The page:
Category Archives: Kafka

Something takes hold

Today it seems almost impossible to write. My words are traitorous: they turn on me and make me cringe. They become the words of others, of strange judges, using me even as I think I use them. Kafka’s final diary entry:

‘More and more fearful as I write. It is understandable. Every word, twisted in the hands of the spirits – this twist is their characteristic gesture – becomes a spear turned against the speaker. Most especially a remark like this. And so ad infinitum. The only consolation would be: it happens whether you like or no. And what you like is of infinitesimally little help. More than consolation is: you too have weapons.’

What weapons did he mean? In Beckett, too, words turn against the narrator:

‘How they must hate me! Ah a nice state they have me in – but still I’m not their creature (not quite, not yet). It’s a poor trick that consists in ramming a set of words down your gullet on the principle that you can’t bring them up without being branded as belonging to their breed. But I’ll fix their gibberish for them. I never understood a word of it in any case – not a word of the stories it spews, like gobbets in a vomit. My inability to absorb, my genius for forgetting, are more than they reckoned with. Dear incomprehension, it’s thanks to you I’ll be myself in the end.’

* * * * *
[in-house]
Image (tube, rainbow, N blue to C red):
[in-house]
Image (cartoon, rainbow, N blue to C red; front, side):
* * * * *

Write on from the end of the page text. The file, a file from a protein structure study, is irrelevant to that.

What was Beckett’s weapon against the traitorous menace of words, what was his defence against unfreedom? Fail better. Not to succeed but to make your failure absolute. Is this really what I want? Haven’t I tried? Where did it lead?

Blanchot, like the early Beckett, saw writing as a giving in to an obscure, incessant murmur outside meaning, there being no alternative. The writer for him was ‘always astray’, always in errancy:

‘The writer belongs to a language which no one speaks, which is addressed to no one, which has no centre, and which reveals nothing. He may believe that he affirms himself in this language, but what he affirms is altogether deprived of self.’

The words pour through you in a ceaseless stream whether you like it or not, it’s true. So then try to find yourself in them, stem the flow for a moment, just as you’d try to find yourself in a crowd of people all going different ways and saying different things. Start like that.

*

Small acts of kindness that make the day real. ‘I love you’, says S. seriously as she chops vegetables. For a second I’m not sure who she means. T. brings us some of his best steaks. ‘We have to help each other out out here’, he says and walks back to the farm.

Early morning after a bad night’s sleep. A grey screen of condensation on the window. A few drops separate themselves out and leave clear wet lines as they drop. Outside the fog from the sea moves in over the fields, folding over itself. I sip my tea, empty-headed, until the fog thins into a wispy mist and evaporates into the day. S. comes out of the bedroom, stretches, yawns, smiles and touches my arm.

*

The faith involved even in typing a sentence, this sentence. Something takes hold whether you like it or not. Something happens in spite of everything, something you’re responsible for, hold on to that. Though you may never arrive you’re approaching and some truth may be given to you in your approach. Perhaps that’s the ‘weapon’ that’s given to you in writing, the hidden strength you need.

In the turning and returning of words the moment calls me into service to name it. Joy.

I’m making a test